A NASA astronaut raps three times on what seems like an ordinary door and cheerfully asks, "Are you ready to come out?" The response is unclear, but he seems to be smiling under his mask as he pulls the door open, revealing four scientists who have been isolated for a year to simulate a Mars mission. They emerge to cheers and applause.

Anca Selariu, Ross Brockwell, Nathan Jones, and team leader Kelly Haston have spent 378 days in a Mars-like habitat in Houston, Texas, as part of NASA's research on sending humans to the Red Planet. They grew vegetables, performed "Marswalks," and dealt with communication delays and isolation.

The experience was akin to pandemic lockdowns, but the team was visibly happy as they stepped out on Saturday. Kelly Haston, a biologist, laughed, "Hello. It's wonderful to be able to say hello to you." Nathan Jones, an ER doctor, nearly cried upon seeing his wife in the crowd.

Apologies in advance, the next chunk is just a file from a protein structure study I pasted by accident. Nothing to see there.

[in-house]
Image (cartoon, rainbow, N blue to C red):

The habitat, Mars Dune Alpha, is a 3D-printed 1,700 sqft facility with bedrooms, a gym, common areas, and a vertical farm. An outdoor area with red sand, separated by an airlock, was used for their "Marswalks."

Steve Koerner, deputy director at NASA's Johnson Space Center, praised the team's crucial science, mostly nutrition-based, which impacts their performance. This mission is the first of three planned under the title CHAPEA.

A year-long Mars simulation was conducted in Hawaii in 2015-2016, with NASA's involvement but not leadership. Under the Artemis program, the U.S. plans to send humans to the Moon to prepare for a Mars trip by the late 2030s.